A leader's challenge with any investment is to realize the projected ROI. When they invest in buildings, equipment or processes, they have control. The project's momentum builds until it permeates the organization. As momentum builds, the executive's direct involvement may be reduced.

Realizing a ROI in people development is different. People control themselves and have differing needs. Changing personal behaviors and the attitudes that drive development takes a lot of time and effort. In this environment the executive must maintain continuous leadership. Employees will not continue the effort to make changes if the leader is not actively involved in their progress.

A Caveat

One critique we often hear about people development is, "We develop our people, they change jobs and we don't get the benefit."

In fact, good people don't leave a job to get higher salary and benefits. They leave because they don't feel appreciated or effective in their position.

Good people have career options. The challenge of the leader is to build a culture where people want to pursue their career the best way they possibly can.

Good people want challenges. They enjoy working in an environment where management seeks their expertise and values their contributions. The effective executive shares power by encouraging his key staff help develop initiatives and set direction. People who are part of the solution become intellectually and emotionally committed to the organization.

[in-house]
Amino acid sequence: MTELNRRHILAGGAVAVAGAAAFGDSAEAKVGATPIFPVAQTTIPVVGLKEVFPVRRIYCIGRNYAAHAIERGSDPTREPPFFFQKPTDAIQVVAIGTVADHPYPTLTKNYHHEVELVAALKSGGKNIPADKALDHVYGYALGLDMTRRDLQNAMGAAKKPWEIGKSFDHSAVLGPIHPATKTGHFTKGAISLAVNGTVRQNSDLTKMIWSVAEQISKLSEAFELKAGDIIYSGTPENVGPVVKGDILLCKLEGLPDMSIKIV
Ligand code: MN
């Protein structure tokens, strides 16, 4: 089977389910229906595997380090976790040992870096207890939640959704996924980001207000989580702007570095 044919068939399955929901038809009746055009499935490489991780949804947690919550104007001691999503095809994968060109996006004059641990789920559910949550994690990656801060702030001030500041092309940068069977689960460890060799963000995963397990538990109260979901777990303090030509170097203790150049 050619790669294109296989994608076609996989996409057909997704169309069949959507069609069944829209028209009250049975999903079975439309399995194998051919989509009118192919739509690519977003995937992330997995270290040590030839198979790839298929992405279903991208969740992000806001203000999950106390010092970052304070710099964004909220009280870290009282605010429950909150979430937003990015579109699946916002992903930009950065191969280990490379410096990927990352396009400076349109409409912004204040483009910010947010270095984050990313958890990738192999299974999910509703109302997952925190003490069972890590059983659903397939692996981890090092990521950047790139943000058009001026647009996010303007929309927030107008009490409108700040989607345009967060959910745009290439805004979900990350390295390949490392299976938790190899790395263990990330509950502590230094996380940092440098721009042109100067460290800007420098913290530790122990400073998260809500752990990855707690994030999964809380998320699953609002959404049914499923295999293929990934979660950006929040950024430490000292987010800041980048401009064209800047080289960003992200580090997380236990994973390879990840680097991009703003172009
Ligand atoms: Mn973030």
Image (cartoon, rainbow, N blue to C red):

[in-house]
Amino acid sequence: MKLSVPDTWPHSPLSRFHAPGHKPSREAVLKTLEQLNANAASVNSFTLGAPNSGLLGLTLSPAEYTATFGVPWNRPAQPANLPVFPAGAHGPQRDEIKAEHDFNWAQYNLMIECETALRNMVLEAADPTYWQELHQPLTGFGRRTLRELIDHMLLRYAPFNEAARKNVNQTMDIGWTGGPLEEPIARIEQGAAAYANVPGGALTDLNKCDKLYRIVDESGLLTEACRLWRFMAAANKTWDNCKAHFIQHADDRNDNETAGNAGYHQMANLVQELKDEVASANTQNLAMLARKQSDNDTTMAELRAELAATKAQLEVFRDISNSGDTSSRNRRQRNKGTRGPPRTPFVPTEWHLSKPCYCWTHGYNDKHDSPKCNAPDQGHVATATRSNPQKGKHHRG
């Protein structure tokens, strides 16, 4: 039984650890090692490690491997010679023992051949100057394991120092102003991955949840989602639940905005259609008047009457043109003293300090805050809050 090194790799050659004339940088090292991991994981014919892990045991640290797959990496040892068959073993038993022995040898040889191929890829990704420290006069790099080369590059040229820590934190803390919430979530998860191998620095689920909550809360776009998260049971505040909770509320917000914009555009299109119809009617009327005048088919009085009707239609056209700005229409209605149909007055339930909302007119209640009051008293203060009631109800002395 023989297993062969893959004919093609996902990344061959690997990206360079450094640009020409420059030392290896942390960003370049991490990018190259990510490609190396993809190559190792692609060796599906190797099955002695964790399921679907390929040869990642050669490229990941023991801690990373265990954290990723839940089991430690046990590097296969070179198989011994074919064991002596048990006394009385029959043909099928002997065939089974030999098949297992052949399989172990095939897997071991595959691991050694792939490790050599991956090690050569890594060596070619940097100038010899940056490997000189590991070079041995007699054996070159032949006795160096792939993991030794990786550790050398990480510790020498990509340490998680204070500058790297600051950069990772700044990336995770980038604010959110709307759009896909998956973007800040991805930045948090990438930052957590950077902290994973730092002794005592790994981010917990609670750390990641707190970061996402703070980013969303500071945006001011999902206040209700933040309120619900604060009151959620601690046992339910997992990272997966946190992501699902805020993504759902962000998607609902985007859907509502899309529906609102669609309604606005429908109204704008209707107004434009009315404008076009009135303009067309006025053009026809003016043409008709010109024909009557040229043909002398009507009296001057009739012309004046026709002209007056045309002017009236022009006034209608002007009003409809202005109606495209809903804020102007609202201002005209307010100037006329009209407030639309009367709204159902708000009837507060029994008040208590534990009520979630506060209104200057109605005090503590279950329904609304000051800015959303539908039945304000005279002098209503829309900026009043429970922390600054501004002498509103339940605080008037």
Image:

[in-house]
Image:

Good people expect to meet their personal goals as they help the organization meet its goals. An effective executive recognizes that people follow a leader because of what the leader can do for them. He understands his staff's individual motivators and works to help them achieve personal success. Great success can be achieved when employees are able to meet personal goals as they guide the organization to its success.


An executive's challenge is to continually build revenue and profit. To accomplish this year after year, successful executives change the processes that drive their business.

People lead change. There is a definite relationship between organizational growth and personal development.

Successful leaders understand that personal development is an investment where they can expect a positive ROI. They understand that their personal involvement and leadership is required to ensure the positive return on their investment in people.

Successful executives understand that a small improvement in the personal effectiveness of key people has a much greater impact on the bottom line.

The unavoidable conclusion: personnel development is a catalyst bringing a competitive advantage in your market place.

Article Source:

Tom Northup is a recognized management expert, consultant, speaker and coach. As a former CEO a Tom understands the complexities faced by today's executives. He is the author of the book, The Five Hidden Mistakes CEOs Make. How to Unlock the Secrets and Drive Growth and Profitability. Go now to or BuildingStrongerLeadersBlog to learn more.

Posted on 2013-07-22, By: *

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Note: The content of this article solely conveys the opinion of its author,